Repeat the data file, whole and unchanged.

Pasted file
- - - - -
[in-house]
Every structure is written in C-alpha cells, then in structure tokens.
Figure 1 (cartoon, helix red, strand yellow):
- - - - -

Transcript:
[in-house]
Every structure is written in C-alpha cells, then in structure tokens.
Figure 1 (cartoon, helix red, strand yellow):